What are some upcoming trends?

Reality-based fiction is certainly the trend for YA. Teens want to read about other kids going through things they can relate to—granted these situations are often heightened for dramatic impact. For middle-grade, kids are crazy about graphic novels and heavily illustrated novels. And I don’t blame them—there is so much good stuff in the genres. From Cece Bell’s El Deafo (which was the first graphic novel to receive a Newbery—yeah!) to Smile to Diary of a Wimpy Kid, both girls and boys are reading and rereading these books. What I love about this genre is that it seems to be gender-neutral. Nine-year-old boys are reading Smile and Zita the Spacegirl. If it’s a good, action-packed story, it doesn’t seem to matter if it’s about a boy or a girl.

Superfun nonfiction will continue to grow and grow. Kids love facts and figures and weird tidbits of miscellany. The focus Common Core has on nonfiction will encourage more nonfiction sales both in the classroom as well as in the bookstore. Our Nathan Hale’s Hazardous Tales is really hitting its stride. Hale takes on juicy parts of history and makes them very readable. I’m looking forward to his spring book on the Alamo.

What book/genre/topic would you like to see cross your transom?

To jump on the #weneedmorediverse books bandwagon, I want more diverse books! And adding a token gay character or Asian friend isn’t enough. I want children’s literature to reflect the world in which kids live—a world of kids of all color from all types of families from every socioeconomic background in every corner of our planet. The books shouldn’t be overly didactic or message-heavy. Kids want to see themselves reflected in books, and it’s our responsibility to make that happen. *Stepping off my soapbox*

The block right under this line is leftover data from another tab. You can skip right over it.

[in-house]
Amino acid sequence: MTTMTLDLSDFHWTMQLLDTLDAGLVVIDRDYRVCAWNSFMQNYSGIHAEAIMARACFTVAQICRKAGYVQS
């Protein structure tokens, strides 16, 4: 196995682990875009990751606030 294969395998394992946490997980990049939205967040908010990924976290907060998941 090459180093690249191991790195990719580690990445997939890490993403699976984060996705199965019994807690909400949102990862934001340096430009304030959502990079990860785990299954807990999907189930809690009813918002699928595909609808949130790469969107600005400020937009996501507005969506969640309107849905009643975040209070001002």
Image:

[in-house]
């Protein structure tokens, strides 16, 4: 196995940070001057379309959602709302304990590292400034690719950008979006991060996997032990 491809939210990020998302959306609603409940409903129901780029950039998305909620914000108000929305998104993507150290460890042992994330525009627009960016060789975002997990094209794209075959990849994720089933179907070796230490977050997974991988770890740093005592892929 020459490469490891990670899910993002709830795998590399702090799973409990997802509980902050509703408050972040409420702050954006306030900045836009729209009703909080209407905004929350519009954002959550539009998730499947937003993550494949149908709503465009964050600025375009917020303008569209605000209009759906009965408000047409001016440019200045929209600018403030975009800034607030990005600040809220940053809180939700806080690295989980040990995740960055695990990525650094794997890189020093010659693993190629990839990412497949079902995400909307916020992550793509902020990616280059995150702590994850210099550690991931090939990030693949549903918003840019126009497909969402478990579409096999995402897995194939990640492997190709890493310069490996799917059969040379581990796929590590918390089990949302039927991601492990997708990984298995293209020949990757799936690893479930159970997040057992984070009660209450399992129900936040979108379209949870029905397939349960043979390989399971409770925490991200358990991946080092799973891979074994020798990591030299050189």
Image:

Another trend from my childhood that I’d love to see return is the horror novels of the late ’80s. I’m thinking Christopher Pike or Lois Duncan. I loved those books when I was younger. They were reality-based but heightened with a crazed killer or random haunting.

As an aside, I asked my kids this question. My 8-year-old said: a graphic novel about cats or a novel about cats. And my 4-year-old said: a book about “boo-boos.”

What topic don’t you ever want to see again?

Trilogies about dystopian societies or books about dystopia or just plain old trilogies.

What is unique about your corner of the industry?

Abrams began over 65 years ago as an art book publisher. Beautiful, well-designed books are in our blood. Our books have brains and beauty—great content and gorgeous packages. We publish books that people want to physically hold in their hands and give as gifts. When advances come in, people will ooh and aah over the finished product. We even have a sales manager who will smell them—she loves the smell of a freshly printed book. Abrams has a passion for books.

Jody Mosley is the associate publisher of Abrams Books, Children’s Division. Prior to this position, she was the director of special markets. Jody has held sales positions at Hachette, MacMillan, and Random House. Having just finished reading every single novel on Abram’s amazing spring 2016 list, she’s now reading Colson Whitehead’s Sag Harbor and wondering if he’d ever take a stab at YA.